Family army saves first cut with military precision
My week: The Phelan family
Published 15/06/2016 | 02:30
They had a great first cut at the Phelan farm before the holiday weekend and yet another great family reunion at the dairy, beef and tillage enterprise in Clogh, outside Castlecomer, in Co Kilkenny.
"We were texting each other in the run up to the cut on the week before the June bank holiday waiting for the off. The routine is that we get the tractors hosed down and oil up the machinery at the end of April or start of May then clean out the pits and get going before June," explains Mary the youngest of the Phelans this week.
All of the family members usually come back to the home farm for the week despite working off farm in various careers from marketing to engineers
Mary (22), a Carlow IT graduate in marketing now working with IFAC, spends as much time as possible on the farm simply because she loves farming. "I go back to the farm at every opportunity. People say I am mad because I am literally going from work to work but I love it. It's the same with all eight of us," she says.
The home farm, which covers 500 acres with some rented land, contains a herd of some 120 Friesian-Holsteins supplying milk at 3.4-3.5pc proteins to Glanbia along with a herd of Limousins for slaughter. Over 100ac are reserved for tillage where wheat, barley and beet are grown for on farm livestock rations.
The Clogh farm is run by Liam (38), the second eldest, who is married to Kathleen. They have three children - Sarah (4), Billy (3) and Nichole who was born last January.
It falls to Liam to do the texting to bring back Team Phelan to Kilkenny for the first cut in June and the second cut in August.
Parents, Nicholas ( 72), -who remarkably has been farming all his life despite losing most of one arm when he was hit by a plough while sleeping in a meadow when he was only two years of age - and Noreen (62) don't have to do any texting when it comes to the third annual family get together, the Christmas dinner.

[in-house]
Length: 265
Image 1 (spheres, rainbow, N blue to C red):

This year Ciaran (28), a construction manager in Qatar, had to cry off because he had visitors and Noel (32), the lad in Australia, couldn't make it home for the start date but promised to be in the fields next August.
"We had a very good first cut this year which averaged 16 tonnes an acre across the farm and we were very happy with the Tipperary Grass which was used to reseed the land this year," says Mary.
The actual week's work was carried out with military precision.
Liam, the boss, manned the pit; Larry, the civil engineer in Dublin was on the harvester; Harry, James and Mary herself took care of the lifting with farmhand, Pat Cooney, while dad Nicholas supervised the cattle herding on the farm throughout this flat-out activity and mum Noreen took command of the milking parlour.
Not to be left out, sister Claire, a teacher in Portlaoise, 'woman-ed' the kitchen to keep the team well provisioned, while the "wives of the lads, who we called the (silage) widows, looked on with their kids," quips Mary.
These silage cut reunions have been going on as long as Mary can remember.
"Since the first of the lads left the farm it just became normal for him and then the others to return home at cutting time and the tradition just built up over the years," she says.
At the homecoming they always remember one of the younger sons, Nicky, who was tragically killed in a traffic accident when he was in his early twenties.
So I ask Mary, who is currently working on IFAC seminars on land partnerships and taxation - "as well as all the other work" - if she ever intends to buy a small holding and go back into farming herself.
"Land is very dear", she replies "maybe if I win the Lotto. I really love farming."